UNESCO Member States have adopted a revised International Charter for Physical Education, Physical Activity and Sport recognizing the importance of sport for development and peace during the 38th session of the UNESCO General Conference, which met at the Organization’s Headquarters from 3 to 18 November.
“The adoption of the revised Charter should mark a shift away from words towards action, from policy intent to implementation. It sets the tone for a new international sport policy debate, which should now focus on the exchange of good practice, education and training programmes, capacity development, and advocacy. This is also a strong recognition of physical education as a driver for promoting gender equality, social inclusion, non-discrimination and sustained dialogue in our societies” said UNESCO Director-General, Irina Bokova.
Based on the universal spirit of the original Charter adopted in 1978, and integrating the significant evolutions in the field of sport over the last 37 years, the revised Charter highlights the health benefits of physical activity, the inclusion of persons with disabilities, the protection of children, the role of sport for development and peace, as well as the need to protect the integrity of sport from doping, violence, manipulation and corruption.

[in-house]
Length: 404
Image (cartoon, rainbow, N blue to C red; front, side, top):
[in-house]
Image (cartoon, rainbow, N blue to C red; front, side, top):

The original Charter, which was amended in 1991, was the first rights-based document to state that “the practice of physical education and sport is a fundamental right for all”.
The adoption of this document represents a renewed commitment of the international community to promote sport as a catalyst for peace and development, and to reinforce Quality Physical Education. The revised International Charter for Physical Education, Physical Activity and Sport provides a framework that orients the protection of the integrity of sport and supports broader policies in favour of grassroots sport.
The revision of the Charter involved experts and practitioners from governments, sports organizations, academia and NGOs. This modernized version contains input from the Intergovernmental Committee for Physical Education and Sport (CIGEPS) and its Permanent Consultative Council (PCC), as well as UNESCO’s Executive Board. It is a follow-up to the Declaration of Berlin that was adopted by 600 participants from 121 countries, as an outcome of the 5th World Conference of Sport Ministers (MINEPS V).
More information on the revised International Charter of Physical Education, Physical Activity and Sport is available at http://en.unesco.org/sportcharter